Owning a digital camera isn’t a panacea for taking bad photos. In fact, all too often, having a digital camera means you take many more bad photos – you just don’t pay to have them printed. Take a quick look through the photos you’ve taken recently and see how many great photos you’ve taken compared with how many you’re disappointed with.
If you’re erring on the side of having too many photos in the not so good category, then read on! This month I have some great tips for taking much better photos and they’re simple solutions that don’t need special tools or expensive cameras. In fact they’re techniques that are guaranteed to take anyone’s photography up a notch.
Cut the clutter
When your photos are marred by untidy backgrounds and general clutter, there are two simple solutions. One is to move closer. Most people shoot from way too far away from their subjects so it’s inevitable that there will be other extraneous detail in the shot. You can tell if you’re standing too far away if you look at the photos you take and identify how much of the surface area of the photo the subjects take up. If it’s less than 50% you’re not getting close enough.
Next time you’re about to take a photo, take one good big step towards your subject and check the LCD screen. Mentally calculate how much of the photo area is covered by the subject, if it’s not at least half, then take another step and check again. At the same time, ensure that the scenery behind your subject is attractive. If not, move yourself or the subject until you have a more attractive background (or move in closer still), and then take your shot.
No more blur
Blur in photos is great when you want it and disastrous when you don’t. When you want a sharp, clear photo and all you’re getting is blur, there are some things to check. One is that you’re not too close to your subject. Your camera’s manual will tell you the ideal range at which the camera can focus – if you’re closer than recommended then your photos will be blurry. The solution is to move further away from your subject so the lens can focus or switch to macro mode. Macro mode is indicated by a small flower icon and it is used for close up photography. Again, check your camera’s manual to see just how close you can be to your subject in macro mode – you will find this is usually a minimum of around 5cm. When using macro mode, zoom out (not in) as the camera generally won’t focus in macro mode if you’re using the zoom at the same time.
If the blur cannot be attributed to being too close, it might be caused by camera movement. When taking a shot, hold the camera in both hands and brace yourself. Take a breath, push the shutter release half way down to allow the camera to focus on the subject. Then push the shutter release the remainder of the way down to take the shot before breathing out again. Taking and holding a breath will avoid a lot of camera movement and pressing the shutter release half down gives the camera’s auto-focus mechanism time to focus correctly before you take the shot.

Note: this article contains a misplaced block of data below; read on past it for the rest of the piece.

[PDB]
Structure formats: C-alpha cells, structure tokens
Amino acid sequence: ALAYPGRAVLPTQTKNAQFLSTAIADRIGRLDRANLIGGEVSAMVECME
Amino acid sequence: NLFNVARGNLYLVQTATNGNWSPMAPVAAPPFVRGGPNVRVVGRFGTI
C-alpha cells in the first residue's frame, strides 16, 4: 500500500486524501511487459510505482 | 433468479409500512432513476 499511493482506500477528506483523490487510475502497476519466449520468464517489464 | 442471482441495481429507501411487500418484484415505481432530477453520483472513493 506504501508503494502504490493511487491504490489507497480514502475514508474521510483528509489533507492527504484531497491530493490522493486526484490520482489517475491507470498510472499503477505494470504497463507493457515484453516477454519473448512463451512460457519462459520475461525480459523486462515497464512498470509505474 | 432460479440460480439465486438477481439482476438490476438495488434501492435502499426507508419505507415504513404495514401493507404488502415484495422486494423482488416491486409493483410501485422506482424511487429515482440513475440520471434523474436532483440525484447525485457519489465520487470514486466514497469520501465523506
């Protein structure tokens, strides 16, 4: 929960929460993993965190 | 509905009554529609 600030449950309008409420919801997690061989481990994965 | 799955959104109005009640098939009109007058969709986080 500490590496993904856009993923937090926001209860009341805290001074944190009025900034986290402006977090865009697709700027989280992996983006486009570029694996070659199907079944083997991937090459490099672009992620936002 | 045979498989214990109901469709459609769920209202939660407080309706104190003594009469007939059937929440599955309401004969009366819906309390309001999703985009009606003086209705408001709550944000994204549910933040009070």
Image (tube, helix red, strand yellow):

When your subject is moving, taking a sharp picture is more difficult than when it is stationary. In this situation, switch the camera to sports mode so the shot will be captured faster and so there is less chance of the movement causing a blurry shot. It will also help if you adjust your placement so the movement is occurring towards you and not across the path of the shot. Of course, in some situations this is not possible, for example, standing in front of horses racing around a track is generally not possible, however it will give a clearer shot!
Too much light or too little
When your photos are repeatedly too light or too dark, adjusting the camera’s exposure may help. To do this, check your camera’s manual to see if it has an exposure compensation option. Generally you can adjust the exposure up or down by approximately 2 stops – these are marked -2, -1, 0, 1 and 2 on a scale. Zero is the value that is used by default and, to get a darker image, set the value towards the negative, generally around minus one third to minus half a stop is sufficient. On the other hand if your shots are too dark, adjust the setting to a positive value of around one third or one half. Exposure compensation settings are often lost when you turn off your camera so you should check it each time just in case.
If you’re shooting in bright daylight, and particularly if you are shooting portraits or a person standing in front of a scene, use the forced or fill flash setting on your camera. This forces the flash to fire in circumstances that it would generally not be required. The flash will light the person’s face and give a much nicer portrait shot and the background will still be captured just fine too.